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Virtual Reality TherapyPost-Traumatic Stress Disorder (PTSD) is reported to be caused by traumatic events that are outside the range of usual human experiences including (but not limited to) military combat, violent personal assault, being kidnapped or taken hostage and terrorist attacks. Initial data suggests that 1 out of 6 Iraq War veterans are exhibiting symptoms of depression, anxiety and PTSD.

Virtual Reality (VR) exposure treatment has been used in previous treatments of PTSD patients with reports of positive outcomes. The aim of the current paper is to briefly describe the rationale, design and development of an Iraq War PTSD VR therapy application created from assets that were initially developed for a combat tactical training simulation, which then served as the inspiration for the X-Box game entitled Full Spectrum Warrior.

Full Spectrum WarriorPsycho-therapeutic approaches to PTSD

In 1997, researchers at Georgia Tech released the first version of the Virtual Vietnam VR scenario for use as a graduated exposure therapy treatment for PTSD with Vietnam veterans. This occurred over 20 years following the end of the Vietnam War. During that interval, in spite of valiant efforts to develop and apply traditional psycho-therapeutic approaches to PTSD, the progression of the disorder in some veterans severely impaired their functional abilities and quality of life, as well as that of their family members and friends.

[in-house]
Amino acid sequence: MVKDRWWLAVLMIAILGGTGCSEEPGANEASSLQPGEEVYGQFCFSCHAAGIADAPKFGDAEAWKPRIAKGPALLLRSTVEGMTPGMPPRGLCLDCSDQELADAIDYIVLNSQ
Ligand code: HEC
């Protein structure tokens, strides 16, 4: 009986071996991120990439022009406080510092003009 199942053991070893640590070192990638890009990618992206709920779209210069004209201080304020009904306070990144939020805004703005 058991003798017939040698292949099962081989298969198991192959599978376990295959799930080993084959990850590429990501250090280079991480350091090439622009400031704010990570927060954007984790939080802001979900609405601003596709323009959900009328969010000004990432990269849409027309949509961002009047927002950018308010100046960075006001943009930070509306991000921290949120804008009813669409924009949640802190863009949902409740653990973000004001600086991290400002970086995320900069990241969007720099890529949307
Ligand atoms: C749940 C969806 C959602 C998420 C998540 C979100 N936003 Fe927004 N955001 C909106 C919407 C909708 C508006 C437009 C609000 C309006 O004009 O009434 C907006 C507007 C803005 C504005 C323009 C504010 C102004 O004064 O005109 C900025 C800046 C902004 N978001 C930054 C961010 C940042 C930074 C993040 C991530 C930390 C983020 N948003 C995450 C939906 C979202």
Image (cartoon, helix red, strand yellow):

PTSD is the biggest contributor to the growth of a disability system in which payments have more than doubled to $49 billion since 2002.

The tragic nature of this disorder also had significant ramifications for the Veteran’s Administration healthcare delivery system often leading to designations of lifelong service connected disability status. Just recently, the first systematic study of mental health problems due to the Iraq conflict revealed that “… The percentage of study subjects whose responses met the screening criteria for major depression, generalized anxiety, or PTSD was significantly higher after duty in Iraq (15.6 to 17.1 percent) than after duty in Afghanistan (11.2 percent) or before deployment to Iraq (9.3 percent).”

With this history in mind, the USC Institute for Creative Technologies (ICT) has initiated a project that is creating an immersive virtual environment (VE) system for the treatment of Iraq War veterans diagnosed with combat-related PTSD. The treatment environment is based on a creative approach to recycling virtual assets that were initially built for a combat tactical simulation scenario entitled Full Spectrum Command, and later inspired the creation of the commercially available Xbox game, Full Spectrum Warrior.